Sunday, June 28, 2009

Life, The Universe, and Everything

In the past ten days or so, two articles on appeared, one on Mars and the other on Titan (Saturn's largest moon). Both talk of lakes on the surface of the globes: Mars a past water ocean, Titan a current methane lake system. And then both then mention the possibility of life developing there. Why is that? Why not stick to the questions at hand rather than going to conjecture? I can think of several reasons.
  • Journalistic appeal: an article on a far away lake is not interesting. The discovery of life outside of the Earth is.
  • Scientific longing: the desire to find something mind-blowing and paradigm-shifting.
  • Biological practicality: just like in the jungles of the Amazon, finding diverse life teaches us more about the life we know, and can grant us cures we couldn't get otherwise.
  • Historical genesis: if basic life is forming on other worlds, that would fill us in on how things may have come about here on earth.
  • Philosophical ache: one of the basic questions of this generation is, Are we alone in the universe?
  • Mythological debunking: if we find life on other planets, especially in the early stages, it puts a dent in the claims of a Creator God making a special Earth filled with fully-developed beasts.
This last one intrigues me especially, considering what the Bible says about life on other planets. What does it say? Oh yeah, nothing. Genesis talks about God's creation process on Earth, and it is only a weak inference that leads us to believe that life cannot be elsewhere. Furthermore, even if we hold to a special creation happening here on Earth (which I don't believe is strictly necessary according to Scripture), that does not preclude life developing naturally, does it? If Jesus heals a blind man, does that mean we cannot do the same using natural means?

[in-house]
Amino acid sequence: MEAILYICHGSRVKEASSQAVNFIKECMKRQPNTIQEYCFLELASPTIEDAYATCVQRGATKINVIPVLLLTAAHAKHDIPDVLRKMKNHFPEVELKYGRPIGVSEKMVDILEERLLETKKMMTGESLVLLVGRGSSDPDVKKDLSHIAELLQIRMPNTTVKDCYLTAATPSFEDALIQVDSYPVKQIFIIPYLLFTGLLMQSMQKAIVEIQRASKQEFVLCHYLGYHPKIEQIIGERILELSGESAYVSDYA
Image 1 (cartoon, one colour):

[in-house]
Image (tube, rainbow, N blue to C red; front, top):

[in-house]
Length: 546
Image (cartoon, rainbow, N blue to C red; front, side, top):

In the same way finding other planets expanded our horizons of the grandeur of God's creation, so too the finding of life will open our eyes to the vastness of God's plan. Who knows? Other sentient life may exist in this vast universe, and it may be the call of our descendants to be witnesses to the end of their worlds, too (Acts 1:8).

1 comment:

Jimmy said...

Interesting article. Interesting points. I've been fascinated as I've been reading little blurbs here and there from over the last year (actually, I'm getting ready to turn my journey of scientific learning in the direction of astronomy, just fyi). Though not directly related to what you just shared, what's been catching my attention is that a lot of strange celestial phenomena seems to have been occurring lately. It makes me wonder about what God said in creation, that amongst other things, the stars should be given for signs (of course I'm careful in how I interpret that, as I don't want to go off into astrology). Scripture also talks about signs in heaven during the end-times (Lk. 21:11; Acts 2:19). I wonder if this might be what it's referring to, and if it is, it also strikes me that we're observing things that happened thousands of light years away, thousands of years ago, thousands of years before God spoke about them in His word, but not a split second before His awareness of their occurrence. One article that appeared on a few months ago talked about a violent celestial event that yielded what in form looked like a hand reaching towards an "eternal red light". I thought to myself, "I understand where they get 'a hand reaching towards a red light' from, but how did this word 'eternal' get in there?" The science community is known for trying to stamp out the existence of God, but could He be trying to get there attention?